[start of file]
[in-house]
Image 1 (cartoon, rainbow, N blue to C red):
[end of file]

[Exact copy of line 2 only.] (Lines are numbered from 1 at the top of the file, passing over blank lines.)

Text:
Image 1 (cartoon, rainbow, N blue to C red):